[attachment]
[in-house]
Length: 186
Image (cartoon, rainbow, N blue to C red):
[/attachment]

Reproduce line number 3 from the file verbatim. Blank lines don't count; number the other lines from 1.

Image (cartoon, rainbow, N blue to C red):